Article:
Let’s Go!

Though I do think Khaleesi liked the foot protection- she seemed to have a slightly better pace and didn’t have to pick so carefully through footing, she is still the anchor horse. I reminded myself that these are her first real rides, she is building muscle, working tendons, ligaments, joints, the mental ability to focus on a trail ride for over and hour. I have to remember she is still NEW to this. We basically go her pace, which is on average 3.2mph. Considering our average speed a week ago was about under 3mph this is a slight improvement! just realizing this as I write….

ok… i’ll that that… any incremental improvement is good!

We rode about 4.6 miles which isn’t terrible (not the 6 I ran that morning myself though girls… really, you have 4 legs and are meant to cover ground!) then we stopped as usual to work at the farm. I decided to take a break from our habituation pattern and we never go into the arena today- we make a change. I walk her in the big field first and then hop on. We ride in the big field, big squares [well, kind of squares, we still don’t have straight lines down so well. We do zig zags.]

Our steering is like:

Jaime: We’re going to head for that pole

Khaleesi: I want to head for the gate to visit Faygo

Jaime: Nope- the pole

Khaleesi: the gate

I put a very short video of us trot trotting back to the camera after a zig zag back from the pole. I left the end on because I like the moment where I take her back to the camera spot, I ask her to step over (AND SHE DOES!) and stands while I pick up the device and work the video setting for a moment.

All in all We have a nice ride. Still in the comfort zone, but at some point — I am not even sure what I was thinking or about to do — I was in a drift for a moment I guess……………. all of a sudden I am airborne and pop back down in the saddle- slightly brushing the horn with my thigh (that horn comes off today) and am like WHAT WAS THAT? there’s a little buck action and then we’re stopped again.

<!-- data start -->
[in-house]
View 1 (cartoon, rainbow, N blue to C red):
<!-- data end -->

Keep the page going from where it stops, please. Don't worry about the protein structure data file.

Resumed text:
What I think happened is that Khaleesi started to slip her back feet in some mud while we were on the fence line and her back foot hit the wire fence and she did a little panic and it felt like her rear end was bucking. Or she was “done” playing with me in the field and thought she’d see if she could dump me and head for the grass. Honestly I’m not completely sure what happened it was so fast. What the end result was though- I did not fall off, and I made her walk around that area a few more times before we wrapped up – she was resistant of that area now. I wanted to be sure that if she slipped she didn’t have a phobia about that place (the footing wasn’t bad, but there were two slip marks in the grass where we were) it was a freak thing. And if she bucked me she realized that was not going to get her what she wanted either.

All in all a good day, but I need a Faygo day now. We are both a little tired of dragging the anchor horse around, and if I’m going to start AERC events with Faygo- she needs some real miles and we need to do some of them alone. Saturday is Faygo-day. I’m going to see what kind of miles on a mild winter day we can tack on and at what reasonable speed we move, and how she does, what kind of shape she’s in today. She may not be excited about it, but I am. A day with my first love….

looking over at Faygo eating grass, and Linus waiting for us to finish
looking over at Faygo eating grass, and Linus waiting for us to finish

Epilogue:

Saturday Faygo and I did take a ride together. We did 7 miles at a moving pace of about 4.3mph, total average 3.6mph (including stopped times). She walked out nicely, but she gets very hot heading home, this is fun to ride, but she’ll kill herself before she slows down. At one point at the top of a hill I had to get off her for a minute so she wouldn’t prance, dance and toss her head while heaving away. (Also I needed to check my GPS as I wasn’t exactly sure where we were). I don’t know what her heart rates are, or how her recovery is and I’m curios to see that data for her. That is my biggest concern, she has huge ‘heart’ and she would die trying to finish (get back to the trailer!). I need to work on pacing her and being sure she can clear a checkpoint. I think we can figure this out- I have a heart rate monitor on order for her.

It was a lovely afternoon just the two of us. Sunday is supposed to be gorgeous… not sure what I have in store for that day yet….